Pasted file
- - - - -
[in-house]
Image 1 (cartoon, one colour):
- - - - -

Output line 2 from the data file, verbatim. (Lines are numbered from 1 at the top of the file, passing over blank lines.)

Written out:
Image 1 (cartoon, one colour):